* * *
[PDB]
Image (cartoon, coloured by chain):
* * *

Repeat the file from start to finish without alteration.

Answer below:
[PDB]
Image (cartoon, coloured by chain):